I recall this story hitting the news a year or so back. At the weekend a good, but sometimes geeky/nerdy friend, updated me on this situation in the following way and offered opinions;
1) In spite of metal prices having cooled off from their manic highs pre-bubble bursting, these coins are still worth about 50% more than face value.
2) Accumulating and melting them down, even paying a hefty cut to a crooked scrap metal dealer, would still represent a quick an easy profit - say 25% instant return on your money??
3) Melting them down is illegal TODAY, so they would have to be held as a longer term speculative 'investment' until such time as they could be either profitably be exported or melted here legally. The only loss would be the interim loss of equivalent interest - which (as the £50 note story today illustrates) given ultra low interest rates would be bearable?
and, most interestingly,
4) Being the person he is, always to check facts for himself (as well as having too much spare time on his hands!), he tells me that regular random bulk tests show that the average proportion of bronze vs steel coins is dwindling - more than would be expected due to gradually increasing annual mintage of new steel coins each year.
This leaves me with 2 questions:
Is the Mint secretly undertaking a gradual withdrawal program of bronze coins OR are suffient number of the public siphoning them off themsleves?! With a longer term view in mind.
If the latter, when would teh 1p and 2p coins be realsitically be demonetised? He surmised that, in spite of almost certain initial political/public emotional reluctance to reliquish these coins for purely symbolic reasons (i.e would be powerful symbol of decline in value of the pound, etc etc) - they would be demonetised when they serve no practical purpose due to general price rises of everything and it being impossible to find anything priced in 1/100th pound units, e.g £2.93p.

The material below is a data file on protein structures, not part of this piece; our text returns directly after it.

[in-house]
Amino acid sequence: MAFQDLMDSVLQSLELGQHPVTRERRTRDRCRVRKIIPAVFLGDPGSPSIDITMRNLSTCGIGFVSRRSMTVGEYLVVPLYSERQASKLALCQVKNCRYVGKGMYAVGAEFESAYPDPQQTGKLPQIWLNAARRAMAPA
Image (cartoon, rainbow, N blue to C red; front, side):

An example of this would be the removal of the 1/2p coin with little fuss. Also, he pointed out that there are several countries where the smallest monetary unit is only 1/20th of the currency unit (i.e equivalant to 5p) and that the smallest price increments seen in shops would cater for that.
Given that most (all?) retailers have now disconinued the old £1.99p type retailing behaviour, and rounded up to £2, he surmised that teh general cost of living need only rise another 2 fold from today before it started to become a realistic argument to dispense with the 1p coin at least.
Thus, hanging on to those old bronze coins need not be for so long?
Finally, and best of all, he points out that EVEN IF prices of metal collapsed - one still has the face value of the coins, and so one would always get back at least your initial 'investment'!
Thoughts anyone? time for me to buy a wheel barrow and large collection of magnets to filter the coins out? There arent any laws on eccentrically hoarding coinage are there? I mean, I might want to create some weird and large Tracy Emin style modern artwork when I retire.
Edited by anonguest, 07 December 2009 - 11:37 AM.